David Allen himself though like analogue techniques to manage his theory. His shortcoming was his lack of research into the implications of the technology. He rounded out a theory that people easily grasped onto but without any research into the broader aspects of what he was proposing. In fact, what he was proposing was really nothing novel he had just managed to encase it in a way that people could easily consume what he was proposing.

The Software Front

People began touting one program over the other as moving us along toward nirvana while few realized that all the programs designed to make people more productive were basically, at their route, the same. That which makes one maybe better than the other is how easily the UI is able to be managed simply.

However, a little hope in this era of insanity is begging to dawn as psychologists are looking at this tech and asking how beneficial is it to the human condition; does it hinder, damage and yes even destroy life. As more research is undertaken the more it is becoming clear there is no pied piper here.

The Dopamine Effect

Dopamine is chemical emitted in the brain to carry out a number of functions. One thing dopamine can do is cause addiction to the substance or thing that produces it. A drug can be very addictive if it produces dopamine.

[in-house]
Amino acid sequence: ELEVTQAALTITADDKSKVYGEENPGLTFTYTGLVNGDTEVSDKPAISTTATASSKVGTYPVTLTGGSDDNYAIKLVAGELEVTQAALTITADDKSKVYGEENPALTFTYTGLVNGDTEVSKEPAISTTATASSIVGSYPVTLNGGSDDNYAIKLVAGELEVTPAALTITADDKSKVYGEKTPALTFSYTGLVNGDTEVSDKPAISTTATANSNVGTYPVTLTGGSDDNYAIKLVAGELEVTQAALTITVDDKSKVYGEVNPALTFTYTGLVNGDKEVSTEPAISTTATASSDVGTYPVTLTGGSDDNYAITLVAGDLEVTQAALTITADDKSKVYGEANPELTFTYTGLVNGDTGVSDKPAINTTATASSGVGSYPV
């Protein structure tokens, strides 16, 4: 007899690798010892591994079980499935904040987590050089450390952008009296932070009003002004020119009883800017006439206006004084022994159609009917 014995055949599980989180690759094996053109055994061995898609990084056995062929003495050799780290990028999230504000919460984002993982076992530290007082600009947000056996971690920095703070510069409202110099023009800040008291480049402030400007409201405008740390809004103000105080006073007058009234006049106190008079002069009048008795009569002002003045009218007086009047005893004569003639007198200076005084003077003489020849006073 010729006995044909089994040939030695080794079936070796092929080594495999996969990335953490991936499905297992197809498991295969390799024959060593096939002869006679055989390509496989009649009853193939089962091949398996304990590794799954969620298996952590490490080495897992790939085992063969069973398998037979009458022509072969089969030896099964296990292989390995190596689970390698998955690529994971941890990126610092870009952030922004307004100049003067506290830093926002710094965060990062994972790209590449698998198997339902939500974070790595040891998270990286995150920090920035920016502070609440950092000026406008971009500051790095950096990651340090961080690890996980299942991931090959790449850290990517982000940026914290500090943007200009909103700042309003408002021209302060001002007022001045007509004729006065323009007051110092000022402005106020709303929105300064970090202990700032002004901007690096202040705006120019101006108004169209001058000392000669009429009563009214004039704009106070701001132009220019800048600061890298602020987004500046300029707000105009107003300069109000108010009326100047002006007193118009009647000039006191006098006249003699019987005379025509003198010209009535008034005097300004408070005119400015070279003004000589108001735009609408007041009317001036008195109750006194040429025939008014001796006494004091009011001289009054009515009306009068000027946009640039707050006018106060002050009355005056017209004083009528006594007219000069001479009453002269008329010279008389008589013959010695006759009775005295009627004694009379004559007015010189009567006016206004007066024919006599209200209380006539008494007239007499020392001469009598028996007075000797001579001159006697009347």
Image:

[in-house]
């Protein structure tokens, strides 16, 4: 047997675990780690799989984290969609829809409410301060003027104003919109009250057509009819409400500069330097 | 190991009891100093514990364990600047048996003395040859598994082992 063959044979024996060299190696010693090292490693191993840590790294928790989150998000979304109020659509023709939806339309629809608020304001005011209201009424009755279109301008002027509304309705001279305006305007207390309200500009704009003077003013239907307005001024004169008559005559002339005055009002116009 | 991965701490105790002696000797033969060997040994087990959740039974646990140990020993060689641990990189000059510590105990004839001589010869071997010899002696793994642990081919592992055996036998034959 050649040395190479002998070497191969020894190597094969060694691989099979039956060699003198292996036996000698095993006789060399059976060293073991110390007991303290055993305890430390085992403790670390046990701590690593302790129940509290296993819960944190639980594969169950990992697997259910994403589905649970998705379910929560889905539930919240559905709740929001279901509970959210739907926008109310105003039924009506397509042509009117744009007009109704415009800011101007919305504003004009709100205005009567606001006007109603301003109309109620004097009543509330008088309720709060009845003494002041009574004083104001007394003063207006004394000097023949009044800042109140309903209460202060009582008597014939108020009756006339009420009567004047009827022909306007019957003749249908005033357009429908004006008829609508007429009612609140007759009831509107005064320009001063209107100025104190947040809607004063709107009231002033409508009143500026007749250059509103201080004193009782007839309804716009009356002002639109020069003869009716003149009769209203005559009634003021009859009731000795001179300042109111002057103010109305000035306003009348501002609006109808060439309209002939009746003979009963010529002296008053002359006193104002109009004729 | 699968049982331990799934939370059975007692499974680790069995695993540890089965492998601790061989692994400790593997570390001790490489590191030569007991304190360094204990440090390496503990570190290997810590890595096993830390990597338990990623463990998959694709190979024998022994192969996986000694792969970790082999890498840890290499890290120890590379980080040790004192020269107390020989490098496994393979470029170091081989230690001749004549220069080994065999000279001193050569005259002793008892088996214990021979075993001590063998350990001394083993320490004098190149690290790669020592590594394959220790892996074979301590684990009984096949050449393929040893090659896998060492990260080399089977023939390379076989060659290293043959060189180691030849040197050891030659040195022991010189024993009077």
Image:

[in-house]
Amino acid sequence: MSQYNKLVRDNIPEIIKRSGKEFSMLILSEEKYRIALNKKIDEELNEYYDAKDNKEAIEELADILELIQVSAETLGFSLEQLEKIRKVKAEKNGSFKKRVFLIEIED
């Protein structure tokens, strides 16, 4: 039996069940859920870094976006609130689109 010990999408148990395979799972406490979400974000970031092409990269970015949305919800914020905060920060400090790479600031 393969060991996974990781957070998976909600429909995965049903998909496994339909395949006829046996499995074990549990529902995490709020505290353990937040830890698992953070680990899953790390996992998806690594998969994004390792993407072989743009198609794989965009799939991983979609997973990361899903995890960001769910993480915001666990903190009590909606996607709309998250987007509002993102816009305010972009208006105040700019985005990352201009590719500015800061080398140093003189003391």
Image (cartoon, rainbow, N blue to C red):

Our Smartphone produced dopamine in large enough quantiles will produce addiction. This is why no one is able to put their Smartphone down. They are addicted. And as with any addiction we are learning ways to combat it.

As an example, it is highly recommended not to bring your Smartphone anywhere near the bedroom. It can keep you awake and if you wake up you won’t be able to resist looking at it.

Texting out of Control

Is texting an efficient use of time. Only to confirm something. To engage in an entire conversation is a complete waste of time as you can do this on the phone. But who wants to do that when you get a dopamine rush from a text.

Psychologists are only now starting to study the effects of our digital age of course after the problems have set in. Further, is any of this healthy. Study after study is coming out to conclude it’s not. Yes, there are some benefits for more timely info. It’s hard though to see that these reverse the cons. Put an iPhone in a baby’s mouth to stop the crying is not a very wholesome way to bring up a child.

Communicating via Text is Soulless

At one time, we would huddle in the kitchen and exchange gossip. It was a fun thing to do; what we would call social time. In the course of 100 hundred years through the centuries of humans being social, are they no longer in need of a social life.

I’m sure all have heard of the infamous sleepover where people in the same room text each other. Or the dinner gathering where everyone has to put their cell down and the first one to pick it up has to buy a round of drinks. These are techniques used to counteract the negatives of a technique either by design or accident.

It would be difficult for society to revert back to the analogue world. Yet, a tremendous amount of research is required to find out exactly what the consequences of our long term use of digital can have. There may be no turning back but maybe there are ways to get the best of both. So far, we seem embroiled in the worst of the worst of a digital society running loose.

The 7th Aeon

There is a video I like to show about this point that I feel to be extremely relevant to this discussion. Available on youtube, I bring it to you here for consideration.